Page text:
A Few Final Cases of Note, Technology-Assisted Review Series Part 13

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A Few Final Cases of Note, Technology-Assisted Review Series Part 13

Seven years after it first rose to prominence in eDiscovery, technology-assisted review remains an important, and at times controversial, tool in the eDiscovery practitioner’s toolkit

By Matthew Verga, JD, Xact Data Discovery

 In “Still Crazy after All These Years,” we discussed the slow but steady growth in the importance of TAR.  In “In the Beginning Was da Silva Moore,” we discussed the first case to address TAR.  In “Questions of Choice in Kleen Products,” we discussed an attempt to force the use of TAR, and in “Reported Results in Global Aerospace,” we discussed the first instance of reported TAR results.  In “A Negotiated Protocol in In Re: Actos,” we discussed a successfully negotiated TAR protocol.  In “At a Judge’s Direction in EORHB,” we discussed a Judge ordering TAR use unprompted.  In “Debating Process and Transparency in Biomet,” we discussed questions of process and transparency.  In “Changing Horses Midstream in Progressive and Bridgestone,” we discussed trying to switch to a TAR approach after agreeing to a traditional one.  In “Seeking Approval and Perfection in Dynamo,” we reviewed the questions of whether to seek prior approval and how good is good enough.  In “Bringing it Full Circle in Rio Tinto,” we discussed Judge Peck’s second prominent TAR case, and in “Trying to Compel TAR Use in Hyles,” we discussed his third and final.  In “Addressing Process Adequacy and Transparency in Winfield,” we discussed last year’s most prominent decision.  In this penultimate Part, we review a few final cases of note.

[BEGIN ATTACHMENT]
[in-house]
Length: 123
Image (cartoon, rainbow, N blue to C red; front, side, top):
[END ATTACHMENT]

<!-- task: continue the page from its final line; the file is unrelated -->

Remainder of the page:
Before we conclude our survey of technology-assisted review cases, there are a handful of additional cases worth noting that did not warrant full posts of their own.  Specifically, there are three more early cases, three more recent cases, and five international cases worth noting.

Read the full article here